From one of Granta's Best Young British Novelists, a stunningly insightful, emotionally powerful new novel about an outsider haunted by an inescapable past: a story of loneliness and survival, guilt and loss, and the power of forgiveness.
Jake Whyte is living on her own in an old farmhouse on a craggy British island, a place of ceaseless rains and battering winds. Her disobedient collie, Dog, and a flock of sheep are her sole companions, which is how she wanted it to be. But every few nights something—or someone—picks off one of the sheep and sounds a new deep pulse of terror. There are foxes in the woods, a strange boy and a strange man, rumors of an obscure, formidable beast. And there is also Jake's past—hidden thousands of miles away and years ago, held in the silences about her family and the scars that stripe her back—a past that threatens to break into the present. With exceptional artistry and empathy, All the Birds, Singing reveals an isolated life in all its struggles and stubborn hopes, unexpected beauty, and hard-won redemption.
About the Author
EVIE WYLD grew up in Australia and London, where she currently resides. She received an M.A. in Creative and Life Writing at Goldsmiths, University of London. She is the recipient of the John Llewellyn Rhys Memorial Prize and a Betty Trask Award.
Praise for All the Birds, Singing…
Reviews from the UK
“Completely and utterly monumental.” —BBC Radio 4
“Wyld reconfigures the conventions of storytelling with a sure-footedness and ambition which belie her age . . . What makes the book so outstanding is the beauty and simplicity of the writing . . . Second novels are notoriously difficult to pull off, especially when the first received prizes, but this one is terrific. Wyld’s two books are quite as good as Ian McEwan’s early fiction. Expect to hear her name often from now on . . . Evie Wyld is the real thing.” —The Spectator
“Powerfully original.” —Times Literary Supplement
“Extraordinarily accomplished, one of those books that tears around in your cerebellum like a dark firework, and which, upon finishing, you immediately want to pick up again . . . For all its darknesses All the Birds, Singing gleams with humour and kindness, moments of humanity that redeem almost everyone in the book.” —Financial Times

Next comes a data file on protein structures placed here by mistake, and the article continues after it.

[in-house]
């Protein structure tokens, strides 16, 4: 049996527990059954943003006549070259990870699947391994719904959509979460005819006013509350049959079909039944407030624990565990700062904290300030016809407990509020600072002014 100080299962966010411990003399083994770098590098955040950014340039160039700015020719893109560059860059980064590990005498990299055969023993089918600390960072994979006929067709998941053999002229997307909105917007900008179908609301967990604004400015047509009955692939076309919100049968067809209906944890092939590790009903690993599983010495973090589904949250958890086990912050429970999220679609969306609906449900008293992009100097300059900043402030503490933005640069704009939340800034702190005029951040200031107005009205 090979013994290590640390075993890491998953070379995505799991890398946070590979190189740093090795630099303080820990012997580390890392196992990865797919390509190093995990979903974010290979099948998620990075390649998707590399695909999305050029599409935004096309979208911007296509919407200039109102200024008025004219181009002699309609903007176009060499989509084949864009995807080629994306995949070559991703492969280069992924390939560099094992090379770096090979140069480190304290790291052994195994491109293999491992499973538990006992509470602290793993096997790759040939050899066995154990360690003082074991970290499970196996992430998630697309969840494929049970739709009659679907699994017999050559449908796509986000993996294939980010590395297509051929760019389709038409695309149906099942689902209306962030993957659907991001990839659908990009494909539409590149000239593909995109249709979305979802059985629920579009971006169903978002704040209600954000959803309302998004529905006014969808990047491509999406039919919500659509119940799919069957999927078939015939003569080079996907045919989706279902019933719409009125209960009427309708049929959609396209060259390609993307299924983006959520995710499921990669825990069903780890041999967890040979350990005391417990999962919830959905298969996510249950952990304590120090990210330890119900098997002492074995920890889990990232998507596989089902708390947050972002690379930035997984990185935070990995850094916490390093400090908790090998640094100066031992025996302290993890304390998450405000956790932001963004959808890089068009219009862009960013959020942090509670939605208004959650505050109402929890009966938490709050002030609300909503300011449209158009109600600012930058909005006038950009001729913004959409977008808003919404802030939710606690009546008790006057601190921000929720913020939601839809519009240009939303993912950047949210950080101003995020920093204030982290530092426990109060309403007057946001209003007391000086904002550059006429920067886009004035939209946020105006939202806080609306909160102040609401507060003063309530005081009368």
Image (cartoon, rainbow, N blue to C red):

“At once energetic and dark . . . Vividly drawn . . . When the birds do ‘sing,’ and Jake’s primal tragedy is revealed, it is clever and very unexpected indeed.” —The Guardian
“Unsettling, beautiful, horrifying and moving in equal parts, I haven’t read anything quite like All the Birds, Singing for a long time . . . In the flawed but vulnerable character of Jake, she’s created someone you can’t help but care for, root for and desperately want the best for . . . There is no disputing the power of the story and the beauty of Wyld’s writing. It’s an extraordinary book.” —Stylist
“Some novels are crafted with such care that it seems a shame reviewers should get to paw them before readers have the chance to admire their intricacy . . . Wyld keeps us guessing for the length of this ingeniously constructed narrative.” —Literary Review
“For once, the hype matches the talent . . . Wyld’s writing seems to come from somewhere deep; somewhere a little bit unnerving and odd. [It] is precise, intense, haunting, and poetic.” —Sunday Times
“Nominated for numerous awards for her debut, After the Fire, a Still Small Voice, Wyld has now delivered an equally indelible and atmospheric second novel that will have the hairs on the back of your neck working overtime . . . An intensely involving tale of survival, shot through with Wyld’s distinctive wit.” —Daily Mail
“Evie Wyld takes a major leap forward with this second book . . . A hair-prickling thriller . . . Jake is a fascinating narrator. Wyld is particularly good at evoking the texture of life on the margins, of communities and people living on the periphery. But it’s the quality of her prose that really blows your mind—lyrical without being cloying, full of violence and beauty, and when it needs to be, as spare as the unforgiving landscape of Jake’s adopted island.” —Metro
“Wyld [has] considerable skill with plot . . . Tim Winton is a writer with whom the fearless Wyld deserves serious comparison.” —Daily Telegraph
“All the Birds Singing shows the author cementing her reputation as a literary novelist to reckon with . . . An eerie, creepy kind of existential thriller, yet also a dense, powerful character study at the same time . . . Utterly convincing and engaging.” —Big Issue